Photostory: Students feeding students

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April 21, through the 25 is Earth Week at Santa Monica College, a time where students can learn more about sustainability practices and other environmental issues. The theme of this year's Earth Week celebration is, "food," and in honor of mother nature, there will be a variety of earth friendly events and activities.

On Tuesday, the quad played host to Students Feeding Students. The event, which was sponsored by the Center for Environmental and Urban Studies and the Associated Students, emphasized raising awareness for healthier food options and the importance of buying locally.

Those who attended were given an Earth Week shopping list, which after completion gave students access to a myriad of free food. To complete the shopping list students were required to get stamps from the various booths and clubs on the quad.

After three stamps students were eligible to receive a free produce bag provided by the AS which they could then fill at the organic produce stand. All of the produce was obtained from donations acquired by Club Grow during Spring Break.

Everything from oranges, apples, raddishes, leeks, lettuce, beets, kale, broccoli, chard, and even brussel sprouts, were available.

Students who got five stamps were able to enjoy free tamales from Tamara's Tamales and smoothies fresh from the Bike Club, who blended the juices with a bike-powered blender.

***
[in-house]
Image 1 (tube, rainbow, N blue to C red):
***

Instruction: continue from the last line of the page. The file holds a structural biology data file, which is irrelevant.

The Bike Club didn’t hog all the fun however as the Geography Club, the Eco Action Club, Club Grow, Plastic Free SMC, and even the SMC student food cooperative participated in the event.

SMC student and president of the Eco Action Club, Kathleen Green believes that events like these are necessary to instruct students on flaws in the current food system.

"It's an issue of access for students specifically because students are on a very tight budget. They don't have a lot of choices because they don't want to leave campus for food,” said Green. “It’s an issue of access for affordability and sustainability, if it's not sustainable it's not healthy.

Green also pointed out that all of the food present at Students Feeding Students was food that would have otherwise been thrown away.

“Overall I think it was a great demonstration on how you can divert waste in our food system. The most important thing about this event was showing students what goes on in the food system,” said Green.